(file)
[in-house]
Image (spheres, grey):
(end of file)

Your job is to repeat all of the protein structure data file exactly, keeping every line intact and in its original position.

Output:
[in-house]
Image (spheres, grey):